Key Quotes for 2013

Key Quotes for 2013

A world perspective in bite-size chunks
Showing page 9 of 24

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Last update: Friday 19th July
 
Some call it the “beautiful game”. There must be something special about it because it is a global phenomenon! The latest survey says that over 265 million people, around 4% of the world’s population play this beautiful game, and during the last world cup finals in South Africa, nearly half of the worlds population watched at least 5minutes of a game. In Mongolia, when the majority of significant games are broadcast in the middle of the night, people are up watching the games on TV! Even in the depths of the Mongolian countryside where there is not even a mobile phone signal, two of my friends found a ger with a satellite dish to watch this year’s champions league final, and at 3 in the morning!
EntertainmentGo, Third Quarter 2013
 
BBC Trust chairman Lord Patten, said he hoped senior staff who received hefty pay-offs they were not entitled to would “make a gesture” and pay some money back. But he said there would be no legal effort to force them as more evidence emerged of how the corporation doled out money to its top executives. Director-general Tony Hall admitted the corporation had “lost the plot” over pay and remuneration as BBC bosses faced a parliamentary committee to discuss a National Audit Office(NAO) report that showed some departing staff had been paid hundreds of thousands of pounds more than they were contractually owed.
 
Girl guides will no longer pledge to ‘love my God’ after the organisation updated its Promise. The move marks the first time in the group’s 103-year history that the reference to God has been dropped, and the 540,000 members will instead promise to be ‘true to myself and develop my beliefs’. Chief guide Gill Slocombe said, ‘we knew that some people found our promise confusing on [the God vow] point and that it discouraged some girls and volunteers from joining us’. Former conservative MP Ann Widdecombe criticised what she called an ‘appalling’ decision when speaking to Premier Christian Radio. ‘The crucial thing is this: removing God and saying I’ll be true to myself. If you want an example of the ‘me society’, you can look to the Girl Guides.’
Young PeopleYouth Work, August 2013.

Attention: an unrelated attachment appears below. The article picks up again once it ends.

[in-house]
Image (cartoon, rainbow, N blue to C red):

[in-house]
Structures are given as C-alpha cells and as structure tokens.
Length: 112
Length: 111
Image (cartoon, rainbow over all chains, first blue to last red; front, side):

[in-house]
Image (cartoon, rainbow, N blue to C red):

No one – except perhaps the occasional, elite revival-watcher – expected there to be a dramatic move of the Holy Spirit somewhere in Wales this year. But Victory Church, Cwmbran has reported numerous healings, having had ‘outpouring meetings’ every night of the week since April. Now there are reports of meetings springing up around the country – in Runcorn, Leeds and Portsmouth – with local churches eager to see God move in a similar way. If God is on the move in the UK, perhaps it’s time we thought about what we mean when we talk about this more elusive dimension of his character: his presence.
Religion/SpiritualityChristianity, August 2012
 
Discussing religion and spirituality is often a ‘no-go’ area for professionals and agencies that support homeless people, a new report has found. Over 70% of homeless people questioned described themselves as religious or as having been religious at some stage of their lives. Only five homeless people had ever been asked by a support organisation about their religion, faith or spirituality
HousingChristianity, August 2012
 
For the second time in three years, the press had its headline: ‘Kirk accepts gay ministers’. For the second time it is not that simple, and not yet. The upshot of a long and complicated General Assembly Monday is that the Church of Scotland still officially states that sexual activity should only take place within marriage between one man and one woman. However, those congregations that wish to call a minister in a civil partnership will now be allowed to do so.
ChurchLife and Work, July 2013
 
Teachers across England are struggling to deliver quality RE lessons, despite the fact the public still want the subject on the curriculum. Mr Dorricott said: ‘What RE teachers need are better resources. It’s no use saying that RE lessons are incoherent or stereotypical if you don’t give teachers the tools to teach them well’. He added: ‘This is all the more important if you expect Geography and History teachers to teach RE. They need simple, easy-to-use lessons with great visual aids to do justice to this important area of education’.
EducationFamilies First March/April 2013
 
Glasses and contact lenses that correct the vision of people suffering a common form of age-related sight loss are being developed by scientists. A Nobel Prize-winning chemist has discovered a way to compensate for the distort¬ed vision experienced by people suffering from age-related macular degeneration. Damage to the retina causes their sight to become blurry and distorted. Over time they can become completely blind. The condition affects more than 460,000 British people.